We can see that the breakaway won big on stage 6. Check out all those lines swooping up to the top of the leaderboard on stage 6. That was the day that 12 riders finished well ahead of the peloton (there was more than seven minutes between stage winner Fausto Masnada and the bunch). The result was a significant reshuffling of the GC, with all of the top 10 spaces going to riders in that successful breakaway.
Valerio Conti moved into pink that day, as we can see from his trajectory.
The region of white space at the bottom grows as more riders abandon. Some 176 riders started the Giro and at the time of writing, after stage 15, 148 remain. On a related note …
Quite a few riders abandoned on stage 13. Eight riders left the race that day — three didn’t start, while five didn’t make it to the finish. The most notable of those withdrawals was Tao Geoghegan Hart who’d started the race as one of Ineos’ co-leaders but was forced out of the race after a crash.
Note the effect the withdrawals has on the trajectory of the last-placed rider.
We’re starting to see the GC battle settle down somewhat. Note how wild the reshuffling was on stages 7, 12 and 13. Now look at stages 14 and 15. Much less dramatic, right? Riders are starting to fall into their natural place in the GC pecking order and any variations aren’t as significant now as they were earlier on.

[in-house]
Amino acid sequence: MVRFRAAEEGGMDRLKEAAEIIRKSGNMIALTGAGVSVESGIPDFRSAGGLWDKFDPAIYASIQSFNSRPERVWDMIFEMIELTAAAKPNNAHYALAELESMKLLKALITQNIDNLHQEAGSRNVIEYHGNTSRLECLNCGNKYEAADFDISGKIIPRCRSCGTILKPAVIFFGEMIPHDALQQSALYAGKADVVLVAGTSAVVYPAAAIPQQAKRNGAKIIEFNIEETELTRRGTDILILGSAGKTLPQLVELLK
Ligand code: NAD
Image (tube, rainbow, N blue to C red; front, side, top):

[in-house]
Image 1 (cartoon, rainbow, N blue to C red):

That’s not to say that the GC battle is over and that we won’t see the overall contenders move around from here on out. Far from it. Just that the changes we’re likely to see are more likely to be minor in the grand scheme of things.
We can see Simon Yates’ rollercoaster of a Giro quite clearly. The Briton started very well, finishing second in the stage 1 time trial and holding the same GC position until stage 6 (when, you’ll recall, a bunch of riders from the breakaway slotted in ahead of him). Stage 9 is where things started to go badly — Yates lost a bunch of time in the second ITT and dropped to 24th. He moved up with a bunch of the GC guys on stage 12 and has moved up the rankings every day since then.
As of the second rest day he’s eighth overall, courtesy of back-to-back podium finishes, but still sits 5:24 behind. Might his rise continue in the difficult final week?
We can see the fortunes of other GC contenders quite clearly too. Vincenzo Nibali, Rafal Majka and Mikel Landa, for example, are all sneaking their way slowly towards the top. Here’s Landa’s trajectory — a scary prospect for Movistar’s rivals given Landa’s teammate Richard Carapaz is leading the race too…
Cameron tells us that he’s working on some improvements to his interactive graphics. For example, he’s looking to change the Y-axis to better represent the time gaps between riders. He’s already importing that data to Datawrapper each day as it is, to create the “waterfall” time gap chart you can see below. Adding that data to the GC “swarm” graph should offer great insight into what separates the riders at the 2019 Giro.
Cameron is planning on doing a similar analysis at the Tour de France so stay tuned for that. In the meantime, chapeau to Cameron for what he’s put together so far. He’s not the only one doing data visualisations for pro cycling, but his work is certainly among the niftiest we’ve seen. Be sure to check out his work via the @bikechart account on Instagram where he offers regular breakdowns of the data he’s graphing.